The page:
Jeff you diffently need to get some some info on dimmer compatability to this type of lighting system, if someone does not come forward here, go to a good major building supply depot and ask them , make sure they are aware of the type of lighting that you are seeking a dimmer for.

 
  #19  
Old 04-25-01, 06:51 AM
Jeff Placzek
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The Buzz........

The dimmer I purchased is rated for 600w or less.... I was going to be right at 600watts.

When testing I only had 300 watts hooked up.
The url that you pointed me to looks like a great solution (if it works without buzzing.) Ordering from qKits, would it be an actual "Kit" that would require assembly? I emailed them with questions as well.

I will have to try "Home Depot" in the area and see if they have some insight.

The dimmer I tried is the slide variety...

It's nice knowing it should be easy installation from here on out.
I'll keep you posted as I find out.
Thanks.



 
  #20  
Old 04-25-01, 12:44 PM
Jeff Placzek
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DIMMING...

I just found the following at:
http://www.lightforum.com/technology/ALM031.html
now I just need to find out how this applis to my situation and where to purchase...


DIMMING
All low-voltage lighting systems are dimmable. Dimming is almost always done on the primary (120- or 277-volt) side of the transformer. When choosing a system, consider the following recommendations.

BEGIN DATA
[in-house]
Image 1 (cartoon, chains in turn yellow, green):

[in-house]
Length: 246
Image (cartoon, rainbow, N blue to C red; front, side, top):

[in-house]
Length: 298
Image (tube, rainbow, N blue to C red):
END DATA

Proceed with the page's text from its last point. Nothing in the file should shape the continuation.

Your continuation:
Autotransformer dimmers (variable transformers) work best: they do not cause noise, flicker, or other problems. Unfortunately, they usually are large and not easily controlled by modern dimming systems, such as four-scene presets.

Solid-state dimmers rated for low-voltage (inductive) loads work fairly well on low-voltage systems that use conventional magnetic transformers. Debuzzing coils are generally recommended, especially for PAR 36 incandescent lamps. Universal dimmers -- capable of dimming standard incandescent or low-voltage lighting -- are used in wall-box preset dimming systems.

The solid-state "transformers" supplied with many track fixtures are not really transformers, but solid-state switching power supplies. Because solid-state dimmers are also switching devices, interference and interaction between dimmer and transformer are likely if they are used together. That can result in strobing, buzzing, and possibly device failures. Most manufacturers of solid-state transformers or dimmers recommend against using them together, and will not warrant equipment that is so used.

Dimming increases lamp life for low-voltage lighting, as it does for regular incandescent lamp lighting. Remember that MR16s and other halogen lamps still require periodic near-full-light operation to activate the halogen cycle and thus achieve expected lamp life.
 
  #21  
Old 05-28-01, 10:13 AM
Jeff Placzek
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De-Hummer ??

I have had my track lighting installed for some time now. I have tried several different kinds of dimmer switches. The last one was what they recommended at Home Depot. They have it installed on thier display in the store for the same exact type of lighting that I am using.

Brought it home, installed it- and it buzzes. Went back to the store, listened closely... so does thiers......

The transformers on the track each have a label on them that say, specifically: "Dimmable Power Supply".

I talked to my uncle- he says that most likely I will just have to put up with the buzzing.

One last possiblity- A guy at another Home Depot says he has the same lighting at his house, and he installed something called a "De-Hummer" and there is now no buzzing.

Any thoughts on this so called "De-Hummer" ??